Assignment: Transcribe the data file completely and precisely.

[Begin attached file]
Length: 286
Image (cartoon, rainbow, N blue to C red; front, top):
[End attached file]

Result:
Length: 286
Image (cartoon, rainbow, N blue to C red; front, top):